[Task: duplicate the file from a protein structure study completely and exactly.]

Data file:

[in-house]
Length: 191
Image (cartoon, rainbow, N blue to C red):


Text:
[in-house]
Length: 191
Image (cartoon, rainbow, N blue to C red):